White House holds homeless app competition, triviality announced winner

The Department of Veterans Affairs and the White House are holding an app competition for mobile applications that connect unhoused persons to social programs. The competition has announced the top five finalists, including the demeaningly named Sherlock Homeless, but triviality has already stolen the show.

The premise of the app competition was flawed from the outset, and is emblematic of a chronic syndrome in the social sector. We are too easily swayed by the trends of the corporate world, time and again believing that if we just copy what those in the corporate sector do we will enjoy success.

In the mid to late 2000s the craze was hiring MBAs into the social sector. If only non-profits were more like businesses! The economic collapse at the hands of MBAs cooled that trend, but alas the app craze filled our empty panacea cup.

As Silicon Valley blazes trails like it did in the 1990s, the social sector has started wondering why there is an app for sharing photos with friends, but there is no app for ending poverty. Well, photo sharing is trivial, ending poverty is not.

But, we can make trivial applications about poverty. That must count for something right?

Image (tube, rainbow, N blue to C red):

And yet the White House itself is pushing the misnomer that technology can solve social problems. It cannot. If connecting people to homeless services was simple enough that a part-time developer could solve this problem, Google would have done so a long time ago. Google indexes pretty much every website on the Internet, so why does Google search fail to effectively connect people to services?

Social service agencies do not always have a web-presence, and when they do, they do not adequately maintain their sites with sufficient information to make referrals. That is why 211, and my own company, employ people to manually maintain our resource databases. The problem of maintaining resource data is not a technological one, it is logistical, and there is no app for that.

I am not arguing that there is no place for technology in the social sector. As a firm that uses technology in its work with social sector organizations, obviously I believe there is a place for technical innovation in our work. But slick, shiny apps with ridiculous names and soon to be outdated databases are not what anyone needs.

There is a reason that in the app economy apps sells for a dollar. They are easy to make, and easy to forget. We don’t need apps, we need real solutions.